If only! I’m sorry about the headline– but did it catch your attention? We all wish we could be cured– and headlines like this one appeal to that wish. We are easy marks for a person looking to make a buck. I want to use that fact as a springboard to discuss a couple things.
I recently received a comment accusing me of just such activity– of ‘making a buck’ off people with addictions. The writer took it a step further stating that all addiction is a matter of choice; that people addicted to opiates should just decide to stop taking them, and that Suboxone is just a ‘substitute for oxycodone’. I was not real polite to that person, although I was more polite than I wanted to be… as that is the type of ignorance that literally kills people. We ALL tried to stop– many, many times. Anyone who has even a basic understanding of addiction knows that it is much more complicated than that. The writer stated that she could stop– that her ‘therapy’ helped her deal with her issues and gain the ability to stop using. I often write that ‘nobody is too dumb to get clean, but some people are too smart’– perhaps she wasn’t ‘smart’ enough to have problems getting clean! (yes, that was needlessly mean).
On the other hand, it isn’t that ‘mean’ when you realize that people die from opiate dependence—often—and what often keeps them from getting help is the thought that they can get things under control on their own. And so they keep trying, and keep hiding their addiction from the people that could help them. Add the shame that the writer would like to instill, and the addiction is forced even further underground. A common recovery saying is ‘secrets keep us sick’; in order to get better, using addicts must expose their addiction to the light of day– to treatment providers, but even more importantly, to themselves.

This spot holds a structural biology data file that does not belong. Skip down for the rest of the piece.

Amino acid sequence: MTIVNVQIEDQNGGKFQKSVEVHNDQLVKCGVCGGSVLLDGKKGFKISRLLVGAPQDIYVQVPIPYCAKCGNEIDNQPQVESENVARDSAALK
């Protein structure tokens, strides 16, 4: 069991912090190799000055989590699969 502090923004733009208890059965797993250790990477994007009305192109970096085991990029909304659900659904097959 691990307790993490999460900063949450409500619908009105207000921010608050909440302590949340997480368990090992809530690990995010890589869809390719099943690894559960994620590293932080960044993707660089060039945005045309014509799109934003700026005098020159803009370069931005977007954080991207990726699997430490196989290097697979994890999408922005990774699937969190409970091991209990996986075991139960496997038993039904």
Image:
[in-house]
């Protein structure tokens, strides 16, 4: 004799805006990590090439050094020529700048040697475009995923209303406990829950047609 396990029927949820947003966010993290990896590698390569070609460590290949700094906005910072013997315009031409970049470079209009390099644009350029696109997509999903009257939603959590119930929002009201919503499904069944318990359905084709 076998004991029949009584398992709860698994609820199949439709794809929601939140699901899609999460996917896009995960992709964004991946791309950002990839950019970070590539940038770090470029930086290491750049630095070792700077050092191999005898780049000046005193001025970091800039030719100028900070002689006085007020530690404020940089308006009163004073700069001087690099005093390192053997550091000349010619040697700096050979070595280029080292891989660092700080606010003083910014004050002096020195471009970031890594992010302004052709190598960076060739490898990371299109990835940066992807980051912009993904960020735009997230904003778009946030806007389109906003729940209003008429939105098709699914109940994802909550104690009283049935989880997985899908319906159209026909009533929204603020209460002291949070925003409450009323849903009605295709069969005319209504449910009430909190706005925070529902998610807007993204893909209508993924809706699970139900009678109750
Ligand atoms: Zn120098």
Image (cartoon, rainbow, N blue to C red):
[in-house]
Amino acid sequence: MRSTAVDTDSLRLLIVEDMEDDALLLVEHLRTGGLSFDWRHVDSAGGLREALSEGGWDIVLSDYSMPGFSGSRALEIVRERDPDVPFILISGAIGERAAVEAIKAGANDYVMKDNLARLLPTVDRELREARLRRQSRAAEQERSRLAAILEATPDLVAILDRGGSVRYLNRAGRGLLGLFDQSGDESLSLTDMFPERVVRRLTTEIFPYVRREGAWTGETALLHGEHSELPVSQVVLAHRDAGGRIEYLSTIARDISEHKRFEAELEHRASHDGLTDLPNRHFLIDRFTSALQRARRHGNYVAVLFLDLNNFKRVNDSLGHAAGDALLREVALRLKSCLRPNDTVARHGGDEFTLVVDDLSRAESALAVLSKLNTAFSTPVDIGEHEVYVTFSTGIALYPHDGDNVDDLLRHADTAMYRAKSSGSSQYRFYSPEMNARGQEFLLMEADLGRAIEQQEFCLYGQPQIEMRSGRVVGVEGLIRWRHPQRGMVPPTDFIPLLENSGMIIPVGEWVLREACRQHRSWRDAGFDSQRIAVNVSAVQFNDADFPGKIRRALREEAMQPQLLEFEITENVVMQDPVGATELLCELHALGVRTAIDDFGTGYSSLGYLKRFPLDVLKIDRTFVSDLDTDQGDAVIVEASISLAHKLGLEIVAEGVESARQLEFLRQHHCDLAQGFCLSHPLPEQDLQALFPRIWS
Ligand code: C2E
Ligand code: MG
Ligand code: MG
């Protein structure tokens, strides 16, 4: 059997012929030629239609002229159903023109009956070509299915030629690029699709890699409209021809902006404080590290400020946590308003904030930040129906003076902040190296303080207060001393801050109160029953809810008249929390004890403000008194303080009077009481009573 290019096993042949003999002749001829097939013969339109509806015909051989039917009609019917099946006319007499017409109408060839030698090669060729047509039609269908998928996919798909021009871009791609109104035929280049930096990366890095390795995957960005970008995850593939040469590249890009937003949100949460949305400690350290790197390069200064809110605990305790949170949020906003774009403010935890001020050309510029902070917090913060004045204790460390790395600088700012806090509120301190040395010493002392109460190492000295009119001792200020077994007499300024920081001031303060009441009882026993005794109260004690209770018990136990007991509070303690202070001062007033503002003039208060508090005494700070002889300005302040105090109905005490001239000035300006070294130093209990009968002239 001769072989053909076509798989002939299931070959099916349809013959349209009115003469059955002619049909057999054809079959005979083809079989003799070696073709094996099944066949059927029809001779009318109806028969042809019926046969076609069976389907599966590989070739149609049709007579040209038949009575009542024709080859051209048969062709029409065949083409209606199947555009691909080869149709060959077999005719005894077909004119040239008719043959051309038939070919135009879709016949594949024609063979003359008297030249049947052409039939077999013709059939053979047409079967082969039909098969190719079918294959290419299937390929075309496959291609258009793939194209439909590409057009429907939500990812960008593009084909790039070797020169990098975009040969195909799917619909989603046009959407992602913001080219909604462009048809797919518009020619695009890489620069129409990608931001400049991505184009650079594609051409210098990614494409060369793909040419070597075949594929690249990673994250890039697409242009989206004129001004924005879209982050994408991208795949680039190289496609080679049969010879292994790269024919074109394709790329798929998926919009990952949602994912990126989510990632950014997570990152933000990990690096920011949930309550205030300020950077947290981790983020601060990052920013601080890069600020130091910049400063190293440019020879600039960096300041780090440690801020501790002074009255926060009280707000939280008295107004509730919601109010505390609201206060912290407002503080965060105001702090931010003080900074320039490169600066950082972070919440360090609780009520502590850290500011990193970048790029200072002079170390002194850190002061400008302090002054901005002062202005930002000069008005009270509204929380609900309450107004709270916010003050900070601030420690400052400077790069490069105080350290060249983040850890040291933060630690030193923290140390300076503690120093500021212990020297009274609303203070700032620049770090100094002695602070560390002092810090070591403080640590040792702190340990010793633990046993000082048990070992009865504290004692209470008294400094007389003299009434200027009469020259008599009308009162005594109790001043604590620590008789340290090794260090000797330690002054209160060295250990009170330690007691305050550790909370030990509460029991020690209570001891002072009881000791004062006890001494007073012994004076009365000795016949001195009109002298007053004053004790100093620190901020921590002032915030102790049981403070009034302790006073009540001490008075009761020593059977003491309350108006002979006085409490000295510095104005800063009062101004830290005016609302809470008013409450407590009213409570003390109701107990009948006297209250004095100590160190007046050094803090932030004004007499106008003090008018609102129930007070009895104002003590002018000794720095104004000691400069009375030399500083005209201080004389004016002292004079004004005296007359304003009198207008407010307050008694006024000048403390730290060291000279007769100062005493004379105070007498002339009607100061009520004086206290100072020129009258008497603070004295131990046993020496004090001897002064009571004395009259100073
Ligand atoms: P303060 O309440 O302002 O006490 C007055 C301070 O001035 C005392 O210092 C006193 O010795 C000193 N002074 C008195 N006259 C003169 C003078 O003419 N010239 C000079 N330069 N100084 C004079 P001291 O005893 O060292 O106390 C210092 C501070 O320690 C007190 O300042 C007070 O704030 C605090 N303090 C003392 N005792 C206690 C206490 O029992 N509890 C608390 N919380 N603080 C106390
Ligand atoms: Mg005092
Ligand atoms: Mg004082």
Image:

As for the ‘making a buck’ part… yes, I would like to be paid for my efforts. And yes, my career does exist because people need help with their addictions. But in medicine there are easier ways to make a buck! I treat opiate dependence (among other conditions) because I understand opiate dependence—having lived it. It is a horrible illness that cuts across all segments of society—it tends to hit people who have tons of potential, and has the ability to take away every bit of that potential—that is what keeps me interested in fighting addiction.